From Louis the Plant Geek
'Berrima Gold' Incense Cedar
Conifers with gold foliage aren't unusual. Indeed, some are horrifyingly popular. Even so, Berrima Gold incense cedar deserves a place in any garden where it's hardy. Indeed, I think of it as a category killer: Start with Berrima Gold and, maybe, finish right there.
The bright gold young foliage is just the first reason. Its coppery tones in winter, the tree's copper bark all year, and—perhaps most unusual of all—the near-white mature foliage make Berrima Gold indelibly exciting.
Pollarding the Chinese Tulip Trees
Three pollarded Chinese tulip trees front a block of ten-foot-high yew hedge. Chinese tulip trees? Leaves of this Asian tulip-tree cousin are gigantic—and burgundy when young. Pollarded? Cutting young stems back to their stubs stimulates regrowth that is particularly eager and colorful, while also keeping it at eye level.
Colorful? May to September, you'll see. Eager? These straight-up stems are last year's growth, and some of them are over seven feet long.
February Daphne Explores the Garden
So-called "February" daphne really is in bloom that month if you encounter it in Seattle or London. Here in New England, February is still too cold for the flowers themselves—but not for their green calyces.
In the strange way of these shrubs, my original February daphne thrived for years before dying for no apparent reason. But I still have the species in my garden: These are stems of one of the self-seeded volunteers.
Dwarf Sea Buckthorn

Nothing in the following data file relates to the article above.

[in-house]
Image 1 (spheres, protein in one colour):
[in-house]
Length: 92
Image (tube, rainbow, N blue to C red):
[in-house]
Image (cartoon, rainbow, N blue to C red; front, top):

Ah, trough gardens in summer! Here's one that I've planted exclusively with plants that demand lean, dry soil. Think sand with a side of gravel.Prickly pear cactus was a natural, as were the creeping yellow-leaved sedum and (look closely) the broom at the left.
But what about the silver-leaved shrub at the center? It's the unique dwarf cultivar of sea buckthorn. The species is often a rangy monster, but this cultivar may never top two feet. Did I mention that it's hardy to Zone 3? That's Nome, Alaska.
Golden European Ash, Garden to Brushpile to Vase
With yolk-yellow bark and ebony-black bud scales, young stems of golden ash are stunning. Even more stems? An even better show. So I cut off the oldest stems to encourage plenty of new ones, and also to keep the tree as compact as a shrub. Then, everything is more-or-less at eye level.
A bigger-than-usual pruning meant a pile of older stems on the brushpile—with all their gorgeous younger stems still attached. Why leave that colorful show behind? In ten minutes, I harvested the youngsters as a hostess gift for a dinner party.